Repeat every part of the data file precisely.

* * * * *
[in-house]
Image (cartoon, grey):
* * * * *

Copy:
[in-house]
Image (cartoon, grey):